A common issue with acoustic guitars, particularly more affordable ones, is imprecisely cut string slots in the nut. In such cases, it’s important to carefully sand down the slots to ensure the strings lie perfectly across their entire length. They should not be too tight or too loose and the slot should be precisely fitted for each string and cut at a slight angle towards the guitar headstock. Lubricate the slots with graphite, for example, from a pencil, to prevent the strings from sticking and allow them to glide smoothly.
A nut that is too low can cause strings to hit the first and subsequent frets. In this case, the only solution is to replace the nut with one of the appropriate height. Often, only one string may be slightly lower than the others. In this situation, you can attempt to rectify it by carefully applying cyanoacrylate glue (a popular adhesive) mixed with ground graphite or hard plastic, depending on the type of nut in your guitar, to the gap and then sand the slot to the desired depth. This “treatment” should help, but it is advisable to replace the nut with a new one in this case. It’s a minor expense, and the issue is resolved. It’s essential to invest in a quality nut.
Sometimes, the string action may be too low, causing strings to hit the frets, buzz, and produce an unclear sound. If this issue affects frets from 10 to 12, the problem may be that the fingerboard (fretboard) overlay on the bridge is set too low. You can insert something beneath the overlay to slightly raise it or replace it with a new one to adjust its height. If this occurs on the first and middle frets, it’s advisable to first adjust the truss rod since it may be too tight.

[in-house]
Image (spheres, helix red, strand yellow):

Unevenly loaded or protruding frets can lead to string buzzing at certain points on the fingerboard, even with a properly adjusted neck relief. In such cases, you can attempt to file them down.
Sometimes, it might suffice to sand down just one or two frets, but on occasion, it’s necessary to level all the frets perfectly. You can perform this work by yourself or entrust it to a skilled luthier or professional technician.
Binding, Scratches, Paint Defects
Unfortunately, acoustic guitars are prone to minor or major dents, scratches, or paint defects, especially if we frequently move the guitar from one place to another. Naturally, such defects can be effectively corrected and concealed.
Personally, I recommend using a high-quality case for your acoustic guitar to prevent minor damage and scratches. If you own an expensive, branded instrument, it might be worth taking good care of it rather than repairing it.
Among the more serious issues, sometimes, particularly in cheaper guitars, or due to a defect, the neck may detach from the body. Although these cases are rare, they do occur.
The area where neck separation often occurs is the so-called “heel.” Of course, this kind of defect can be repaired, but it requires skill, a professional approach, and appropriate tools. Therefore, if you encounter such a situation, it’s best to seek assistance from a specialist or an experienced individual.
I believe these are all the possible issues with an acoustic guitar that can occasionally arise during its use, and some of them are relatively common, especially in lower-priced guitars.
Most of the above-mentioned problems can be easily resolved, with a significant portion of the work feasible for a DIY enthusiast. However, if you’re new to DIY work, it’s always a good idea to seek help from an experienced luthier or consult a professional technician.